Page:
Day 3 of the 30 Day Winter Barefoot Running Challenge: Why Barefoot Running?
"So wait, you run barefoot? Like, without shoes? You're not wearing those toe shoes or anything?
It's a conversation I've had countless times over the years.
Back in the early days, I used to give people an upbeat sales pitch on why barefoot running was a good thing. I'd talk about the intrinsic joy the tactile sensation with the ground provides. I'd talk about the hypothetical health and injury prevention benefits. I'd talk about the very real benefits of learning to run with near-peak efficiency. I'd talk about the problems with posture-changing raised-heel, motion control running shoes and how they tended to cause shin splints, knee, hip, and back pain, and plantar fasciitis.
I'd field all the follow-up questions. You avoid glass, hypodermic needles and dog shit by watching where you run and stepping around it. No, your feet don't get really calloused; the opposite actually happens. Yes, you can run races; you put the timing chip on an ankle bracelet. And so on.
It was a long spiel.
Now? The explanation is a lot more direct.
I shrug and say something to the effect of "Yeah, it's weird. But it helps solve a lot of shit that makes running terrible."
It's a short, simple answer that hits the nail on the head. But what if people ask if they should try it?
That gets a little more complicated.
"Why Should I Run Barefoot?"
In all honesty, most people shouldn't run barefoot, at least full-time. It take a while to learn to do it well, it makes you slower, and it limits your distances. And it's looks really, really weird.
It can, however, be a wonderful tool to help you learn to run better.
To explain why, think of shoes as protection that radically increases the margin of error for running with terrible form. With the right shoes, you can run like a giraffe with rickets and still be able to conquer that local 5k fun run.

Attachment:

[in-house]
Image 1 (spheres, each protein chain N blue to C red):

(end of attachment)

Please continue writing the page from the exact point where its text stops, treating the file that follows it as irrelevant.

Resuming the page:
But what if you have some real running goals that require you to reach a degree of performance or sustain running by avoiding injury? Learning to run better is the key, and barefoot running is the royal road because it completely removes the margin of error AND provides immediate, accurate feedback.
The very first barefoot running class I ever ran (about 15 years ago) was a four hour marathon spread over two days. Here's a tiny sample of what amounted to a lecture series:
Contrast that approach to my last foray into teaching when I was teamed up with Merrell:
The process was distilled down to a two minute video, 50% of which is marketing fluff.
Since the Merrell Bareform vid, I distilled the process even more to:
1. Take shorter, faster steps, and
2. Land with your feet flat on the ground.
Day 3 of the 30 Day Winter Barefoot Running Challenge Intermission
I almost forgot to post the day three video. It's worth noting work and family obligations have kinda delayed the writing process. The videos and accompanying blog posts are obviously not being published on consecutive days. If you're following along in real time, I apologize. :-)
In the video, I talk about the noise I'm making, which is one of the cues I use to determine running form efficiency. Generally, the quieter we are, the better. Having not really run barefoot for quite a few years, my form is relatively shitty, ergo the loud-ish slapping. In later videos, you'll notice I get A LOT quieter.
It's also notable that this run was not comfortable. Due to the cold and the roughness of the asphalt, my feet were pretty sensitive. This also changes with time, which is a process of my brain adjusting the perception of the feeling under my feet. It's the same "systematic desensitization" process that causes us to "get used to" smells we've been exposed to for a period of time, which causes us to stop perceiving them even though they're still there. Another example - ever notie when you get fuzzy new socks? You slide them on and they feel fantastic! But after about 10-20 minutes, you stop noticing their fuzzy goodness? Same process.
I'll probably write an entire post on this process in the near future.
Back to Barefoot Running
Learning to run barefoot is as simple as taking off your shoes and running. I've found about a third of the people who try this can do so without any issues and immediately see results. Another third usually have some issue that, after watching them run for a few minutes, is easily fixed with a few simple adjustments. The final third, though, usually require a bit more coaching.
I'll be running a few classes locally here on Colorado's Western Slope:
I don't have a schedule yet, but stay tuned to this blog (or find me on Facebook); I'll be posting about the plans in the not-too-distant future.
Until then, if you have any questions about barefoot running, leave a comment! I'll answer them as soon as possible.
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